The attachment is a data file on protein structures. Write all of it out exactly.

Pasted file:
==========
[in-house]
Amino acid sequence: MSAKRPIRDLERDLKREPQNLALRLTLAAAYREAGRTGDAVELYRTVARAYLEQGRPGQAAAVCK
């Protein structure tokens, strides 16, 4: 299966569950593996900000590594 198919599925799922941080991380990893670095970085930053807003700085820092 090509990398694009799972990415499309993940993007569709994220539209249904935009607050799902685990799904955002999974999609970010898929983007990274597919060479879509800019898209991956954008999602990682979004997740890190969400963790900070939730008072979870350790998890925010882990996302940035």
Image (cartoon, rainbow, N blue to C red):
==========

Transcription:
[in-house]
Amino acid sequence: MSAKRPIRDLERDLKREPQNLALRLTLAAAYREAGRTGDAVELYRTVARAYLEQGRPGQAAAVCK
């Protein structure tokens, strides 16, 4: 299966569950593996900000590594 198919599925799922941080991380990893670095970085930053807003700085820092 090509990398694009799972990415499309993940993007569709994220539209249904935009607050799902685990799904955002999974999609970010898929983007990274597919060479879509800019898209991956954008999602990682979004997740890190969400963790900070939730008072979870350790998890925010882990996302940035």
Image (cartoon, rainbow, N blue to C red):